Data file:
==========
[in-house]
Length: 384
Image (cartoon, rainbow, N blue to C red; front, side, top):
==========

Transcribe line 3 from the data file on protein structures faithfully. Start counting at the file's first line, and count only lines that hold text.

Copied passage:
Image (cartoon, rainbow, N blue to C red; front, side, top):